Bangladesh on Tuesday criticised remarks made by U.S. Secretary of State Hillary Clinton about Grameen Bank, from where Nobel-laureate Muhammad Yunus was removed last year over allegations of flouting rules.
Before wrapping up her 20-hour Dhaka tour on May 6, Ms. Clinton said: “I highly respect Muhammad Yunus and I highly respect the work he has done and I hope to see it continue without being affected or undermined by any government action.”
Ms. Clinton also praised Grameen Bank as one of the “best development organisations in the world”, a model that has been replicated across the developing world and a “very important tool for lifting people out of poverty”. “I can only hope that nothing is done that in any way undermines the success of what Grameen Bank has accomplished on behalf of many millions of poor women,” she added. She held exclusive meeting with Mr. Yunus and Bangladesh Rural Advancement Committee (BRAC) founder Fazle Hasan Abed and dubbed them as “national treasures” and wanted the government to treat them accordingly.
Finance Minister A.M.A. Muhith said: “Hillary's statement on the Grameen Bank was undue.” He told a media briefing on Tuesday that the government had not changed its stance about the microfinance organisation. “Grameen Bank is a state-owned organisation and the government has been working for its progress.”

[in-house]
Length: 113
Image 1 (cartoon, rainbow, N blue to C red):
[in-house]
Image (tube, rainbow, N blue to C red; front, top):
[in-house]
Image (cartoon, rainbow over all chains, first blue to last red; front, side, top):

Following a row over Mr. Yunus continuing as Managing Director of the famous microcredit institution beyond retirement age, and also allegations of transferring of funds without donors' permission, Mr. Yunus was removed from his post last year. The Finance Minister claimed the bank did not face any problem after Mr. Yunus' removal.
Mr. Yunus, who shared the Nobel Peace Prize in 2006 with the Grameen Bank, lost a series of legal battles, eventually losing his hold on the institution he is credited with building.
“The contention of Mr. Yunus that the government wants to grab the Grameen Bank is totally rubbish,” said Mr. Muhith. “I am sorry that I have termed it rubbish. But that's true.”
The United States and some donor agencies kept pressuring the government, siding with Mr. Yunus.
But the government claimed it never meddled in the affairs of the Grameen Bank. “Neither America nor the World Bank has given a single paisa to help this organisation,” said Mr. Muhith, who also said a commission would be formed soon to oversee the activities of the organisations associated with the Grameen Bank.